Greensmithe Coat of Arms / Greensmithe Family Crest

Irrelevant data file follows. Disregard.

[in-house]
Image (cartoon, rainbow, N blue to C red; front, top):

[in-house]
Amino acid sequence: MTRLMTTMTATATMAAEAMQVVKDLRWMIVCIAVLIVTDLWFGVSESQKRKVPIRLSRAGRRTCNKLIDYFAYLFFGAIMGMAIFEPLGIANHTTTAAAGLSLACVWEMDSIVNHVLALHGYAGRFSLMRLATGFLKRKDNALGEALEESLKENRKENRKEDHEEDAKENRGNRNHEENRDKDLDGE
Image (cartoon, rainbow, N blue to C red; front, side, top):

The surname of GREENSMITHE was an occupational name 'the greensmith' a worker in lead and metals. The name appears to be confined mainly to the east Midlands and Yorkshire, and was originally derived from the Old English word GRENESMID. The small villages of Europe, or royal and noble households, even large religious dwellings and monasteries gave rise to many family names, which reflected the occupation or profession of the original bearer of the name. Following the Crusades in Europe in the 11th 12th and 13th centuries a need was felt for an additional name. This was recognized by those of gentle birth, who realised that it added prestige and practical advantage to their status. At first the coat of arms was a practical matter which served a function on the battlefield and in tournaments. With his helmet covering his face, and armour encasing the knight from head to foot, the only means of identification for his followers, was the insignia painted on his shield, and embroidered on his surcoat, the draped and flowing garment worn over the armour. Early records of the name mention Thomas GRENSMITHE who was recorded in the year 1185 in County Yorkshire, and Edward GRENSMITH appears in Lancashire in the year 1273. Richard GREENSMYTHE of Yorkshire, was listed in the Yorkshire Poll Tax of 1379. Henry GREENSMITH, was documented in County Lancashire in the year 1500. John GREENSMITH and Martha Weaver were married at St. George's, Hanover Square, London in 1768. The rise of surnames, according to the accepted theory, was due to the Norman Conquest of 1066 when Old English personal-names were rapidly superseded by the new christian names introduced by the Normans. Of these, only a few were really popular and in the 12th century this scarcity of christian names led to the increasing use of surnames to distinguish the numerous individuals of the same name. Some Normans had hereditary surnames before they came to England, but there is evidence that surnames would have developed in England even had there been no Norman Conquest. The development of the feudal system made it essential that the king should know exactly what service each person owed. Payments to and by the exchequer required that debtors and creditors should be particularized, and it became official that each individual acquired exact identification.
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